Animal control unleashed: Extraordinary tails from 25 years in town
Sandra Gosselin’s van has clearly been around the block.
Along with the usual doodads and change, there’s a chewed-up tennis ball that rolls around the dash every time she makes a turn, as well as bags of treats, thick gloves, a cup full of pens and pencils, nets, poles, and a makeshift filing system for a stack of forms. In the back, cages rattle.
Gosselin has been the Dartmouth Animal Control Officer for the past 25 years.
“You don’t find too many animal control officers that last in this job for a lot of years,” she said. “It’s actually a pretty high burnout job.”
“It’s the stress,” she explained. “You see a lot of sad things, and some things you just don’t have any control over. The law is the law, and as much as you want to change something, sometimes the laws don’t allow you to change them.”
“It’s a tough situation when you are seeing animals dying or dead or abused,” she added. “And we see all of that.”
Some of the cases have stuck with her, including a recent case in which a calico cat they called Pumpkin Pie was found tied up in a rope that had cut deep gashes into its neck and leg.
Others are comical, like the time Gosselin got a call about a bison on Reed Road. The police asked her “Um, yeah. Do we have buffalo?...Because I just got a call from somebody who says they have a buffalo in their backyard.” The buffalo was called Mrs. Beezly, and was soon secured.
Or the time that emus got loose. “Those are real fun to try and catch,” she said sarcastically. “You’ve gotta corner it, and then you’ve gotta jump on it, and wrap your arms around it.”
But many cases are tragic, like a case of long-term starvation from years ago. “There was a gentleman on Horseneck Road, and he had livestock animals...Cows, goats, sheep, horses. He would feed them just enough. He had cows that looked like they were six months old when they were three years old.”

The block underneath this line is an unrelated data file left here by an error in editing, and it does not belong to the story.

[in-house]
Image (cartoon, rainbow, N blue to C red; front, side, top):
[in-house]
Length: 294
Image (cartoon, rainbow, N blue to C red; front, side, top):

It took “many years” for the state to intervene, she said.
Another man kept hundreds of chickens in dog kennels. “They started to die, and there were literally dead ones in the cage with live ones,” Gosselin remembered. “And it was survival of the fittest.”
“After that, I was there every week,” she said. “He said to me one day, he says ‘What’s it going to take for you to not come here any more?’ And I said ‘The day you start taking care of your animals is the day I’ll stop coming back.’ He died before that happened.”
Back then, Gosselin said, animal cruelty was just a misdemeanor. Nowadays things are better. “Everybody’s eyes are opened up now,” she said. “And it’s a felony now.”
But prosecuting animal cruelty cases is still tough. “Let’s face it — the court system’s pretty busy,” Gosselin said. “It’s not important to them.”
That’s why, she noted, you often see people get a slap on the wrist for an animal cruelty charge.
And animals have to be in a really bad condition before the cases can be prosecuted at all.
Gosselin said, “it has to be something that you feel that you’re going to get somewhere in court with.”
Part of the problem is that animals are costly to keep — especially livestock. And if the owner doesn’t surrender the animal for adoption, the town or organization has to hold the animal for what could be years while the case wends its way through the court system.
Taxpayers foot the bill for the animal’s needs — including any vet care — during this time.
“Not to mention the life that the animal has sitting in a shelter waiting to see if something happens,” Gosselin added.
The life-long Dartmouth resident started off as a rabies control agent for the town in the 1990s.
“It was only supposed to be a temporary part-time job,” she laughed. “That turned in to close to 40 hours a week for two years.”
Every morning she checks the messages on the voicemail, and if nothing urgent comes up she cruises around town making house calls for inspections or permits or looking for loose dogs.
She also listens to the police radio in case they need her assistance, and checks the voicemail every hour or so.
“It all depends on the day, it depends on how busy it is,” she noted. “Every day is different.”
Her calls are usually evenly spread between livestock, pets, and wildlife. As someone who has grown up raising livestock animals, Gosselin said, she prefers them to people.
“Honestly, I’d rather go chase two 300-pound pigs down the street than go deal with somebody that has left their dog in their car while they went shopping at Wal-Mart,” she said.
“Because it’s easier for me to deal with those two pigs than it is to deal with that person who thinks it’s okay that they have left their dog in the car on an 85-degree day.”
“I can’t handle people not taking care of their animals,” she added. “If you can’t take care of them, get rid of them!”